Queen's Policy Engagement

How a Fun Game is Transforming Attitudes towards Dementia

Professor Christine Brown Wilson looks at a novel new way developed at Queen's of transforming people's attitudes to, and knowledge of, dementia.

How a Fun Game is Transforming Attitudes towards Dementia

Dementia affects more than 500 million people globally. with more than half of the UK adult population knowing someone with dementia. Dementia is an umbrella term  for conditions that adversely impact peoples’ ability to recall and process information affecting many daily activities like: getting dressed, cooking, driving, shopping, telling the time. This means that a person living with dementia may need greater levels of support in everyday activities from family, friends, children or people in the wider community.

One in three people born in the UK will develop dementia in their lifetime so we need to find a fun and engaging way to reduce the stigma of dementia and engage families, friends and people working in the wider community to understand how best to support people living with dementia. As a result, our Queen’s University-led team have developed two fun games about dementia – one for adults and one for children.

Working with a group of people living with dementia from Dementia NI, we co-designed a Dementia game for the general public and asked people to complete an attitudes to dementia questionnaire before and after playing the game. Over 1000 people played the game with nearly 500 completing both questionnaires.  We found that people who played the game had a significantly better attitude towards dementia compared to before they played the game.


Once people receive a diagnosis of dementia, it can be challenging to explain this to children so the Kids Dementia Game was co-designed with children (aged 9-10) and people living with Dementia. The children told us that although sometimes knowing about dementia made them feel sad, they wanted to be told if a family member had dementia so they could help them. The Kids dementia game is a collection of stories that children and families can work their way through together with some fun games included. Fifty children tested the game and told us they liked the storytelling approach, learnt a lot about dementia and found the game easy to use.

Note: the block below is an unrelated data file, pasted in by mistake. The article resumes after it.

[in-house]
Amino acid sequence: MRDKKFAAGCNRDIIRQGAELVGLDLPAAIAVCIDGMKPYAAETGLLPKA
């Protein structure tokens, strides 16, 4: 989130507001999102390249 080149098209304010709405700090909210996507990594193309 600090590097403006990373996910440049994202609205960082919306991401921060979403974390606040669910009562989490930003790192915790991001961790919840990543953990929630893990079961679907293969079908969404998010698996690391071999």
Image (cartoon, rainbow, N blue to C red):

People can live well with dementia and in our work, people living with dementia want to be recognised as having capability not disability. The Dementia Game and Kids Dementia Game helps adults and children see dementia in a more positive light with the potential it will support people to live well with dementia.

We think the Dementia Game and the Kids Dementia Game will help family, friends and the wider community to understand how to best to support people living with dementia – why not have a go and play the games and tell us what you think!!


Professor Christine Brown Wilson
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Professor Christine Brown Wilson is a Registered Nurse with an international research profile in Ageing and Dementia focusing on service development and quality improvement in residential and community contexts.

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